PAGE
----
The consensus was that the acceptable insulation resistance values of shielded medium- and high-voltage power cables are not easily put into a table due to differences in conductor and insulation geometry, temperature, and most importantly, length. The correct method of verifying insulation resistance is a trigonometric formula with dielectric constants that are not easily attainable. Therefore, although the insulation resistance test is a great pre-test to determine suitability for further testing, it should not be utilized to find a discrete number for acceptability in cable testing. These changes in evaluation provided a much-needed complement to the changes in the electrical test section.
MTS-2023 saw many more changes to the tables than is typical. Most of the changes to the tables were minor or cosmetic, but some were a little more significant or may have more impact than expected, such as the note in Table 100.1 about cable insulation resistance.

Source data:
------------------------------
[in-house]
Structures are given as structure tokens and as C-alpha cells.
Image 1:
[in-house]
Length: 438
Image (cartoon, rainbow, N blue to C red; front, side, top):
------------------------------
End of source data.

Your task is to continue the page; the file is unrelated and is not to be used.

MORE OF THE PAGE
- Table 100.6.1 on extruded dielectric cable (see the definition in the MTS appendix) DC withstand testing revised the table to remove the conductor sizes, added a column for 173% insulation, and revised all the notes.
- The title of Table 100.6.2 on laminated dielectric DC withstand testing was revised and many changes were made to the notes.
- The confusing peak column was removed from Table 100.6.3 on VLF testing and more high-voltage test levels and some extra notes were added.
- The title of Table 100.6.4 on testing with damped alternating current was changed to reflect its preferred use.